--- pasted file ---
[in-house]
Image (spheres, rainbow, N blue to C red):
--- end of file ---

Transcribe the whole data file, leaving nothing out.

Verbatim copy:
[in-house]
Image (spheres, rainbow, N blue to C red):